During Crockett Gillmore's rookie year, he continuously emphasized that he was a blocker first and receiver second. Turns out, Gillmore was playing it smart.
"I think I gave myself that role," he said. "I knew that's what was going to get me on the field the fastest."
Last year, Gillmore was competing with receiving tight ends Dennis Pitta and veteran Owen Daniels for snaps. He became the No. 2 tight end behind Daniels after Pitta suffered his second major hip injury.
Now, with Daniels gone to Denver and Pitta's health status uncertain, Gillmore is in position to be the Ravens' starting tight end and perhaps flip his block first, catch second role.
"I'll continue that [blocking], but I'll also be a split-out guy, too," Gillmore said. "I've always had in my mind that I could catch the ball. Other people may question it, but people who watched practice every day knew I could."
Gillmore caught 10 passes for 121 yards and one touchdown during his rookie regular season. He added a 21-yard touchdown against the Steelers in the divisional playoffs (both of his rookie touchdowns came against rival Pittsburgh).
The 2014 third-round pick out of Colorado State fit right into the physical AFC North, using his massive 6-foot-6 frame and Texas country strength to maul opposing defenders. He was part of the reason for the Ravens' turnaround in the running game.
Gillmore had a number of drops during last year's training camp, but clearly progressed as a receiver as the season went on. He showed very reliable hands and was a big body to bring down after the catch near year's end.
Gillmore showed off those improved receiving skills during last week's Organized Team Activities (OTAs). He made a pair of diving catches, including one with a couple defenders close in coverage. He almost hauled in a one-handed snag as well.
Ravens Owner Steve Bisciotti said he expects Gillmore to catch 30 to 40 passes this season. He said that before Baltimore drafted two tight ends, however.
The Ravens will utilize second-round rookie Maxx Williams, who is known for his pass catching, as a receiving threat. They also drafted tight end Nick Boyle, who excels in blocking, in the fifth round.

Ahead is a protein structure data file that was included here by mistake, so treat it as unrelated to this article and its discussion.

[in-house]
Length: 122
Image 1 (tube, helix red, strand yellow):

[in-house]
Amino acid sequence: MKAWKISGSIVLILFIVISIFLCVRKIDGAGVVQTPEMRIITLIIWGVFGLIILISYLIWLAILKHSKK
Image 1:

Even with the rookies on board, Gillmore will get more passes his way. Williams and Boyle could take some time to adjust to the NFL game and offense.
"I'm really just getting used to the speed of this game," Gillmore said. "When I got to the pros, I wasn't the biggest guy on the field anymore. I think I developed some new skills and learned from Owen and Dennis. I hope to really utilize that this year and see where it goes."
Gillmore was already the Ravens' biggest tight end last year. Now he's even bigger.
During the offseason, Gillmore trained at former six-year center LeCharles Bentley's O-Line Performance center. Gillmore isn't an offensive lineman, but he's built like one. He added 15 pounds of muscle, and is now up to 275 pounds. That's three pounds more than outside linebacker Courtney Upshaw was listed at last year.
Gillmore said the additional muscle will help him in blocking, but it has more boosted his receiving game.
"I'm a lot stronger in and out of breaks," he said. "That was a big thing for me. I think I grew so fast that I never really developed the strength to get that quick twitch. Getting that muscle has really helped me run."
Gillmore said he hasn't set any mark for his receiving goals. He said he's never worried about stats. He's not worried about being the starter either.
"As long as we're winning, I don't care," he said. "If I needed to punt, I'd punt. It doesn't matter to me."